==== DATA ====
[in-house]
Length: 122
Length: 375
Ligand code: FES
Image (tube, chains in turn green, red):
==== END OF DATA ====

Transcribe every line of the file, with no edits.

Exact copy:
[in-house]
Length: 122
Length: 375
Ligand code: FES
Image (tube, chains in turn green, red):